10 Crucial Social Media KPIs You Should Be Tracking
The world has moved online, and that means your social media presence has never been more important. More and more, the events of social media infiltrate our news, entertainment, and shopping habits.
For any business wanting to gain a reputation, having interesting and enjoyable social media profiles is a must. But just having an online social presence isn’t sufficient – it needs to be performing well, too.
Whether you’ve followed all the trends or are entirely new to social media retail, it can be tricky to work out how this is helping your business. However, with these ten social media KPIs, you can nail the metrics that make a difference to your marketing strategy.
What Does KPI Mean?
KPI stands for “key performance indicator.” Essentially, these tell you how followers are engaging with your social content. This data can be used to inform future campaigns and gather feedback on what works, what doesn’t, and, crucially, what leads to sales and builds customer relations.
This is important information to communicate to your team, and you can use apps similar to Slack to ensure marketing and sales are collaborating to use these metrics effectively. If you’re not already, try looking at the following social media KPIs for your company’s social media.
The 9 Crucial Social Media KPIs You Should Be Tracking
How many people have seen your new post? While various social media algorithms play a part, you can also use some tricks to make content more visible. For example, posting when your followers are most likely to be scrolling through and using trending Instagram hashtags can boost your post up their feeds.
This is a handy social media KPI as it helps you to measure the impression you have on your audience. If your reach is low, then no wonder your latest campaign didn’t do well. On the other hand, a high reach means more people will be exposed to your content and have a chance of becoming customers.
Similar to reach, engagement isn’t only about who sees your posts but who interacts with them. This collates the likes, comments, shares, saves, and favorites and finds an average based on the number of followers you have. It’s quite an easy social media KPI to interpret – if lots of people are interacting with your posts, you’re probably doing something right.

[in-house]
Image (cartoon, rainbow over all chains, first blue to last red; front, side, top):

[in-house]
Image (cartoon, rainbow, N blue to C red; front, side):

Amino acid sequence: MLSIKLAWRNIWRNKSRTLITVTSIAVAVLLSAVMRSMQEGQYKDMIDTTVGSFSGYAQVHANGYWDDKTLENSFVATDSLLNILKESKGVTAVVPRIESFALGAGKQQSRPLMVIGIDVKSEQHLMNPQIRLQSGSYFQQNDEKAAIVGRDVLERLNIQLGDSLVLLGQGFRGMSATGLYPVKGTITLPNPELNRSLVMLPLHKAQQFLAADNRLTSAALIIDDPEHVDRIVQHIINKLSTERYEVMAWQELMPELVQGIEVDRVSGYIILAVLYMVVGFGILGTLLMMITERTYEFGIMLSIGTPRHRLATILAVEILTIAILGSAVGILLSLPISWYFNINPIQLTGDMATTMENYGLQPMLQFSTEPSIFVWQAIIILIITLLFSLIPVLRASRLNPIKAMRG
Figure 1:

This metric is also especially important when you’re trying to find Instagram influencers. If an influencer drives greater engagement on their posts, they’re likely a good fit for your brand as they can help you get the exposure you want.
And even if you don’t want to find influencers yourself, it’s one thing that an influencer marketing agency would look at when choosing influencers for your brand.
Not all engagements are created equal, as liking posts verges on a subconscious action for some. However, sharing and reposting require more thought and an actual desire to share the content.
Diving into more specific metrics of engagement can give an even clearer picture of where you need to up your social media customer service and which posts are doing the most for your business.
We’re all familiar with the double-tap action, a response that shows you enjoyed what you just saw or read. Likes indicate whether your followers are actually interacting and interested in that particular piece of content, or swiping through to something else. And even though platforms like Facebook and Instagram have new features to hide the number of likes a post receives, these are still tell-tale signs of engagement that can be tracked through analytics.
While most business accounts on social media platforms can access analytics for each post, there are also third-party apps like Iconosquare that show average likes per profile, top followers that like your posts, and overall follower growth.
If you’re looking to gain more likes in general, it’s best to avoid paid services that could pose a risk for spam and Instagram flagging your account. Instead, try an organic Instagram growth service like Kicksta, gaining real followers that’ll like your posts for the long haul, upping engagement naturally.
Comments aren’t only useful in measuring engagement with a post but gathering reactions to your content and assessing how your followers perceive you. Of course, they aren’t always going to be positive, but even negative comments allow you to adapt and change your marketing.
Hosting creative Instagram giveaways and competitions will often prompt more comments on your posts and encourage followers to tag other accounts in your content. This can be handy in gaining reach, but maintaining this is equally important. Consistent high levels of comments show your posts are constantly starting conversations and promoting engagement.
Monitoring where your business is mentioned and how often this is happening can help you gauge how your brand comes across to customers. Lots of mentions mean your business is a talking point and it’s more likely people will think of you when needing services. This could help to generate leads for your business and increase customers.